Published on June 4th, 2015 | by Boris
OFF THE DIAL
People did crazy shit in the late 80s. And motorcycle people were not exempt. Our shit was crazier than anybody else’s shit because we were crazier than anybody else.
But that was fine.
None of us expected to live past the year 1999 anyway, when, if the world didn’t end as a result of something Nostradamus had foretold, we would certainly be killed by cops, cars, or our own booming madness.
And never had this booming madness blossomed more brilliantly than when Keatsy got his Softail Evo turbocharged.
In the late 80s, the Evo was still new and no-one was really sure if it was a real Harley yet or not. I was still riding a Shovelhead, so as far I was concerned, any bastard riding an Evo was riding it to cat shows and ballroom-dancing lessons.
But I was still jealous when Keatsy bought a blue Softail. And insensate with awe when he got the Natli Engineering brothers, Paul and Manuel, to bolt a turbo to it.
It had to have been one of the first, if not the first, turbocharged Harley in Australia. No-one had ever taken enough drugs to become insane enough to attempt such a modification on a Shovelhead. Many of us had spoken of such things when our madness was at its zestiest, but none of us wanted to be part of the ensuing explosion.
The advent of the Evolution motor had clearly emboldened people in ways that were disturbingly new. I have no idea what kind of insanity had gripped Paul and Manuel, but I approved of it the instant I heard the brothers had developed a turbo kit that would bolt straight onto an Evo Harley.
And so they did, and Keatsy duly appeared at work astride the finished product.
Now it wasn’t the kind of turbo commonly used today. It was another kind. The kind that sounds shit. Keatsy’s bike had sounded fabulous. The day he turned up with his new bolt-on, it sounded choked and flat and pfaffed rather than potatoed.
But, and this is a very big but, it went.
By the chafed and oozing nipples of the Road Gods it went. I know this, because he let me ride it, and the girl I had on the back at the time became a heroin junkie not long after I fired us and it down the backroads behind Bundanoon. I’m pretty sure the blokes on Jap bikes I split like ten-pins as I hammered between them have hated and feared Harley riders ever since.
I have no idea how fast I was going then. Or even how fast the Softail actually went. Neither did Keatsy. The speedo was only numbered (with inane optimism) to 220km/h. The turbo caused it to wind past the numbers until it sat on the red ‘INC.’ in HARLEY-DAVIDSON MOTOR CO. INC. that was written on the bottom of the dial.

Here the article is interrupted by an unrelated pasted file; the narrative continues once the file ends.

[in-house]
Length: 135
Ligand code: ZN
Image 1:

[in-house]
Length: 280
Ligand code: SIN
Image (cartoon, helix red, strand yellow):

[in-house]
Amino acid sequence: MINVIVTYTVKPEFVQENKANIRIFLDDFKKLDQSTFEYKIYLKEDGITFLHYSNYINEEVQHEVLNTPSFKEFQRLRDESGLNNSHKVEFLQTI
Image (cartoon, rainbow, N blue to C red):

This was terrifying and exhilarating in totally unequal parts. It was exhilarating because speed is exhilarating. But when you’re speeding on a motorcycle that is simply not designed to go as fast as you’ve now forced it to go, exhilaration is quickly overpowered by stark, screaming terror.
You think the brakes on your Harley are pretty average now, you should have seen what we had to deal with in the 80s. The same goes for the suspension. How could’ve those poor bastards from Milwaukee ever anticipated Aussie madmen bolting turbochargers to their ‘made-for-American-freeways’ motorcycles, and sling-shotting them down rutted goat-tracks?
If you got a big cannon, laid it flat on the ground and fired a washing machine out of it, you’d be getting close to what it must have looked and sounded like to people who saw it being ridden in anger.
The rider, of course, was not seeing that at all. The rider was actually not seeing much of anything thanks to a) vibrations that were off the scale; b) a helmet strap that had cut off the blood-flow to his brain; and c) cheap-shit wrap-around sunnies that were either blown off by the wind, or so ill-fitting all you could see were watery colours through the speed-tears.
The rider was just hanging on. Appalled. Amazed. Un-manned. And entirely out of his depth.
I rode Keatsy’s bike twice. The second time was only to make sure it was as unspeakably mental as it was the first time. It was. Probably even more so because even though I was prepared for the way it accelerated, it still managed to liquefy my brain. It was doing shit that didn’t compute.
Keatsy rode it every day, and did big miles on it. He got greyer as the weeks went past. The prognosis was grim. Something had to give.
We were all amazed the engine kept on as long as it did. When it finally surrendered to the turbo, it did it with silent dignity. By refusing to start.
All of us were quietly pleased it ended much like the 80s – with a whimper rather than a bang.